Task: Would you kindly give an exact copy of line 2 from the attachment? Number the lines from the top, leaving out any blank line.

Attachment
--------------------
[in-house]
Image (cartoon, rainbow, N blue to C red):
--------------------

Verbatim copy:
Image (cartoon, rainbow, N blue to C red):